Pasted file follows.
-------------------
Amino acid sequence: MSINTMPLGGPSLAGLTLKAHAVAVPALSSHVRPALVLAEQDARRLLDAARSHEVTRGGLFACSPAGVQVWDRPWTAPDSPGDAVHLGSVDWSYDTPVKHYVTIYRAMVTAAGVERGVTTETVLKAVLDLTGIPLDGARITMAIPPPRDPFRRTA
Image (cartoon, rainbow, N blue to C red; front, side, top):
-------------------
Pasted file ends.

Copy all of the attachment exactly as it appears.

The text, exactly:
Amino acid sequence: MSINTMPLGGPSLAGLTLKAHAVAVPALSSHVRPALVLAEQDARRLLDAARSHEVTRGGLFACSPAGVQVWDRPWTAPDSPGDAVHLGSVDWSYDTPVKHYVTIYRAMVTAAGVERGVTTETVLKAVLDLTGIPLDGARITMAIPPPRDPFRRTA
Image (cartoon, rainbow, N blue to C red; front, side, top):